The retina is found on the inside back wall of the eye. It is a thin layer of tissue that contains millions of light sensitive cells called rods and cones. These cells gather visual information and transmit it to the brain through the optic nerve.
Disorders of the retina can affect vision and lead to vision loss. In certain cases loss of vision can be prevented if retinal diseases are detected and treated early.
Some common types of retinal diseases include:
- Retinal tears – occur when the gel like substance in the center of the eye shrinks and causes tugging on the retina to the point where it tears. Symptoms include seeing floaters and flashes of light.
- Retinal detachment – occurs when fluid passes through a tear in the retina and accumulates behind the retina causing it to separate from the back wall of the eye.
- Diabetic retinopathy – occurs in people who have diabetes. It is the condition where the tiny blood vessels in the back of the eye leak fluid causing the retina to swell. This leads to blurry vision.
- Macular degeneration – occurs when the center of the retina begins to deteriorate causing a blind spot in the center of the visual field. There are two types of macular degeneration, wet and dry.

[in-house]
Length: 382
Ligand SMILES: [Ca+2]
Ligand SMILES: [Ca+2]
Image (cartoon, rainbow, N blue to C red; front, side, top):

- Retinitis pigmentosa – is an inherited disease and causes loss of night vision and peripheral vision.
Some common symptoms of retinal diseases include:
- Blurry vision
- Loss of peripheral vision
- Loss of night vision
- Appearance of floaters
If you are experiencing any changes in your vision it is important to see an eye doctor as quickly as possible. Depending on what the diagnosis is, there are treatment options available that may be able to help correct the condition. If you would like to schedule an appointment with an eye doctor at Jamaica Hospital Medical Center, please call 718-206-5900.
All content of this newsletter is intended for general information purposes only and is not intended or implied to be a substitute for professional medical advice, diagnosis or treatment. Please consult a medical professional before adopting any of the suggestions on this page. You must never disregard professional medical advice or delay seeking medical treatment based upon any content of this newsletter. PROMPTLY CONSULT YOUR PHYSICIAN OR CALL 911 IF YOU BELIEVE YOU HAVE A MEDICAL EMERGENCY.